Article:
Revenge of the Plymouth Valiant

One of the easiest things to do here in late July/early August is listen to a local bitch about what a royal pain in the bum Hot August Nights is. And—because of acute automotive congestion—it is, at times, exactly that. No doubt about it: Your ability to zip around town is fairly well zapped by the event.

That said, it should also be noted that there is plenty that is terrifically fun and satisfying about Hot August Nights. It’s free, it’s festive, it gets bodies out of the house on a summer night, and it reminds you to go get a burger and shake at Scooper’s Drive-in in Sparks. Bottom line is this: You don’t have to be a crazed gearhead to dig our Mardi Gras of steel and chrome. And dingle balls.

One of the things that stands out in my mind from this year’s event, besides the sighting of a ‘58 Cadillac (what a magnificent monstrosity!) is the realization that HAN encourages and enables a wonderful financial alchemy. You’ll see these certain cars, like the ‘62 Plymouth Valiant or the ‘64 Dodge Dart, now prized and cared for by their owners as classics (which they most certainly are), and yet these were cars that 30 years ago were being peed on by guys in my high school parking lot.

I mean that literally: The boys were dissin’ via pissin'. I can still see Chevy- and Ford-oriented hoodlums back in ‘70, wearing T-shirts, dangling Camel non-filters from their upper lips, urinating derisively on the grilles and tires of the Valiants and Comets being driven by the cute girls who turned them down for dates because the girls knew intuitively even back then that these guys were probably gonna turn out to be losers, drunks and batterers. So the hoods would take their cheap revenge on those sweltering summer nights in the Central Valley of California, splattering those semi-homely little Valiants and Corvairs with the overflow of beer that was bursting from their bladders, unaware that their loutish vulgarity completely justified the girls’ decisions to pass on their amorous offers of drive-in movies and stolen liquor.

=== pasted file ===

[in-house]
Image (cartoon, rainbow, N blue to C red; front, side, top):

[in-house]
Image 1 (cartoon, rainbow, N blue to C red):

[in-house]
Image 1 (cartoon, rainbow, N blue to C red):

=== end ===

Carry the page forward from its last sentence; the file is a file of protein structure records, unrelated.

And now, if you have a stock Valiant in righteously clean shape, you can sell it for six to eight times what it cost new in ‘62.

You wonder just what part SUVs will play in the HAN of 2025. Will future crowds go ga-ga for the mastodonic mammothity of the 2001 Ford Excursion? Will they long to see the sleek, erotic curves of the ‘99 Dodge Durango? Will they shout out whoops of approval when a lovingly restored Chevy Blazer slides by? Will there be a rally of ‘75 Isuzu Trooper owners cruising on up to Virginia City for shots of espresso at the Starbucks inside the Bucket of Blood?

Tough to say. But then again, how many folks ever figured ‘62 Valiants would go for 20 grand 39 years down the line?